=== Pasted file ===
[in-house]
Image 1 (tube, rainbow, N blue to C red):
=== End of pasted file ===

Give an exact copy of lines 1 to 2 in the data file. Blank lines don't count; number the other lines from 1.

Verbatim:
[in-house]
Image 1 (tube, rainbow, N blue to C red):